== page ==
Story of the Writer, Chapter 224

A particularly unusual day. One of Bernard’s colleagues (twice removed, according to business line structure), known around the office simply as Jim, talked to Bernard for the first time.

“Hey, I don’t think we’ve met before! I’m Jim.”

“Hey; I’m Bernie.” Bernard tried to keep from making eye contact. He failed.

“What do you do, Bernie?” Jim asked, oh-so-brightly.

“Me? Oh, I just take requests and process them.”

Jim laughed. “No, you poor thing, I mean what do you do! Do you play any sports?”

“Oh, I’m a writer.”

“A writer! That’s fantastic! What do you write?”

“Uh, I dabble in this and that, bit of prose, some other stuff…”

“That’s so cool,” said Jim. “What are you writing at the moment?”

“I keep myself busy,” Bernard said; “I’m in the middle of working on a new story at the moment.” He snatched a glance at his watch and then dropped his most agitated expression. “Ah, I’ve got to get back to work! See you around, okay?”

“Sure! Keep me posted about the writing and stuff, I’d love to read some.”

Bernard hurried away.

 

Hours later, in 2.30am darkness at his computer, Bernard gazed hollowly at the monitor. He trawled slowly through story files and blog posts. He revisited his blog. His shoulders hunched.

The blog interface provided him with a cordial greeting: “It seems you haven’t written a post in over 200 days! Click here to get started.”

From the kitchen (through two closed doors and a long hallway), a set of well-kept kitchen knives whisper: “Bernard, Bernard, Bernard…”

Bernard snorts. “Like I’ll fall for that again.”

 

POSSIBLY THE END

A New Year

I left my site to stew through the waning of 2015 with something of a dramatic post at its head; this was partially on purpose, certainly, to emphasize the dramatic stance I took, but it was slightly because I was (like you were as well, I imagine) busy with family and friends and taking a general break from things. And now, life goes on again. It’s a new year! What does that mean for you?

I can tell you that in ancient European cultures (my favorite), the new year didn’t seriously start until winter started to melt away. It’s kind of funny that the year ends in the middle of a season, but who am I to argue with the established calendar? Okay, don’t answer that; my wife will tell you that I follow the good old tradition of men in that I can be muleishly stubborn and argue just about anything.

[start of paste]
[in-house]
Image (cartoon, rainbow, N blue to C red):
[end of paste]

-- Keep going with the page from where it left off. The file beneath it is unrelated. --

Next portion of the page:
But with the date/calendar aside, a new year can mean several things. For some countries, it means the end of the tax year (public servants scrambling backwards and forwards and poring through data for hours on end). For others, it simply marks a time of massive sales (salespeople scrambling backwards and forwards and poring through data for hours on end). Some people recognize the new year as a sacred tradition stemming back from books and oral traditions as far back as the beginning of history itself. Others like to drink but haven’t got a clue what the fuss is about if they aren’t holding a bottle. A lot of people take down their old calendars and put up new ones. Some people make new year resolutions. A few keep them.

So what does the new year mean to you?

I personally like to think of the new year as a time to celebrate the coldest winter days (also the shortest days of light) of the year where candles and fires were lit and feasts were made and stories were told while people celebrated yuletide, which was a twelve-day celebration marking and celebrating the passing of the thickest stage of winter. I’m old-fashioned and somewhat romantic that way. The irony, though, is that I presently live in Australia. In other words, the new year marks the longest and hottest days of the year and there are usually total fire bans. It’s funny living in Australia when you’ve got British/Norse blood.